Buddhists There's an active university Buddhist Society and also the Cambridge Buddhist Centre at 38 Newmarket Road, behind the Grafton Shopping Centre
Christians Almost all colleges have an active chapel (mostly Anglican) and a chaplain with regular services (~ 3 x a week). Most colleges have a Christian Union bringing together Christian members for meetings and events. On top of this, there are a number of university societies to get involved with. University Christian Societies include CICCU (Cambridge Inter-Collegiate Christian Union) (evangelical Christians), CU Chinese Christian Fellowship, MethSoc (Methodists but open to anyone of any denomination or none), CU Christian Orthodox Society, Taize Worship Group, Christian Graduate Society and Christians in unity (an umbrella group to foster communication, understanding and support between the different Christian groups). Students might also like to join Christian Chruches in the wider Cambridge community. There is Great St Mary's the university church next to Market Square, and a variety of friendly town churches of different denominations who will make you welcome if you'd like to join them. See for example Christ Church, Eden Baptist Chruch or Wesley Methodist Church.Your soul will never feel deprived of love and attention!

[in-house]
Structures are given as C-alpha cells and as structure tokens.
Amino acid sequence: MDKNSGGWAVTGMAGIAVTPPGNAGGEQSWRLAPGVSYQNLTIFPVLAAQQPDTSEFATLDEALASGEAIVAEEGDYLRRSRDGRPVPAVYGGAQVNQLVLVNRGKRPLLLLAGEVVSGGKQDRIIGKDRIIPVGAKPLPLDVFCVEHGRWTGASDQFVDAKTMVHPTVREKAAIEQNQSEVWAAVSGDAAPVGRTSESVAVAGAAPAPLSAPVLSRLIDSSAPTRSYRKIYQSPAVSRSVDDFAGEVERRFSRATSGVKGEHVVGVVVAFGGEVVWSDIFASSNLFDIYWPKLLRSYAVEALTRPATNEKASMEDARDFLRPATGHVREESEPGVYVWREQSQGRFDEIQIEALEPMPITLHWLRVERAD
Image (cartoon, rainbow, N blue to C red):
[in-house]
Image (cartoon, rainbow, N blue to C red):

Hindus As well as the University Hindu Cultural Society, there's the Bharat Bhavan Hindu Shrine on Mill Road just before the railway Bridge.
Muslims The main university society for Muslims is Islamic Society (ISoc). The Sidgwick Site contains a reasonably-sized, easy to access Muslim prayer room and there's a building on the West Cambridge Site allocated as a chaplincy, prayer room and meeting space for all faiths. There's the Abu Bakr Jamia Mosque just off Mill Road and Muslims might like to look at the Cambridge Muslims Online Website for details of community prayers and events across Cambridge. .
Whatever your religion, you will find a welcoming society to join (the above list is not exhaustive),
You will find on-site sources of tea/coffee such as the Buttery on the Sidgwick site. Otherwise, there are plenty of places in town to grab a coffee with friends.